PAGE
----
• Sow sweet corn, French and runner beans direct into the soil.
  • Sow carrots.  Use insect mesh to protect from carrot fly.
  • Make late sowings of peas by the end of the month.
  • Prepare a fine seedbed and sow flowering annuals to attract pollinating insects.
  • Plant out tomatoes towards the end of the month watching out for drops in nighttime temperatures below 12 degrees C.  Be ready to put protection such as fleece or cloches around plants on cold nights.
  • Sow pumpkins, squashes and outdoor cucumbers under cover now or outdoors towards the end of the month. Watch for cold nights.
  • Start hardening off tender plants for planting out at the end of the month.
  • Ventilate greenhouses on warm days and cover vulnerable plants with fleece if cold nights are forecast. Apply shading to prevent scorching of plants.
  • Place straw under strawberries to keep fruit clean and deter slug damage. Feed with tomato fertiliser every week.
  • Support broad beans with string attached to stakes. Watch out for blackfly on broad beans and rub off or wash off with squirted water. Pinch off the tips with blackfly above the flowers and bury in the compost heap.
  • Net cherry trees against birds.
  • Harvest stems of established rhubarb when the stalk reaches 9-12 in. Pull (do not cut) stalks, taking no more than half at any one time.
  • Inspect gooseberries for signs of sawfly damage. Pick off by hand.
  • Start harvesting established asparagus.


April jobs on your allotment

April Plot

  • Draw up soil around the base of peas and broad beans to support them and increase the rooting area.
  • Plant early potatoes when chits are 2cms long.
  • Earth up early potatoes when they have made 8” growth.
  • Second early and maincrop potatoes should be sown by the end of the month.
  • Clean greenhouse glass to improve light levels.
  • On sunny days ventilate the green house by morning opening and close late afternoon to conserve the heat.
  • Avoid damping off in seedlings with good ventilation and not overwatering.
  • Make a late sowing of broad beans and sow early peas.
  • Make succession sowings of beetroot, Swiss chard, lettuce, radish, summer spinach, spring onions, parsnips and turnips.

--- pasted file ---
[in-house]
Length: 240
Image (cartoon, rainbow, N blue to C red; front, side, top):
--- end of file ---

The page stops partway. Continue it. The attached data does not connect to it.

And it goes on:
• Sow early varieties of carrot when the ground has warmed up.
  • Sow indoors or in the greenhouse Brussels sprouts, cabbage, early leeks, cucumbers, courgettes and peppers and sweet corn. Seeds available in store.
  • Once tomatoes have their first true leaves, plant them deeply into individual pots
  • Sow tomatoes for outdoors.
  • Water crops regularly in dry weather.
  • As weather warms make an early sowing of climbing or dwarf beans to transplant next month. Root-trainers available in the Store are ideal.
  • At the end of the month sow tender vegetables indoors, such as runner beans, squash and pumpkins.
  • Sow herbs, dill, fennel and parsley from seed.
  • Harvest rhubarb by pulling a few stalks at a time. Put the leaves on the compost heap.
  • Plant out autumn-sown sweet peas or direct sow outdoors.
  • Finish planting shallots. Available in store.
  • Plant soft-neck garlic.
  • Plant up new asparagus and globe artichoke beds.
  • The first cutting of asparagus is traditionally made after St George’s Day, 23rd April and the last cutting on the longest day, 22nd
  • Weed ‘defensively’; remove weeds before they flower to avoid seeding.
  • Cover radishes and turnips with horticultural fleece to protect against flea beetle.
  • Watch out for early aphid attacks. Quick action by manually removing these or hard- spraying with water can reduce likelihood of damaging infestations.
  • Feed roses with rose feed.
  • Once leaf buds open, start formative pruning of plum and cherry trees.
  • Use fleece to protect blossom of trees such as pears if frost is forecast.
  • Sow annuals to attract pollinating insects such as Nigella, single flowered marigolds, Comos, Caliphonian poppies, oregano and thyme.
  • Keep grass paths manageable by regular cutting.
    • A strimmer is available to borrow in the store. Charge £1.00. Email rgs.sw15@gmail.com to book.
    • Lawnmowers (fee to borrow) are stored in the toilets on both sites.


All about Hedgehogs – 22nd April 2018

Hedgehogs need our help. There are few left in central London, and our allotment sites could provide a safe haven.

A free talk by the London Wildlife Trust will tell you how to encourage hedgehogs in your allotment or garden.

Do come along – 22nd April, 1p.m. at the Store, Site 2. Please reserve your place by emailing brennalattimore@gmail.com or signing up in the store

Find out more about how to help London hedgehogs at http://www.wildlondon.org.uk/hedgehog-help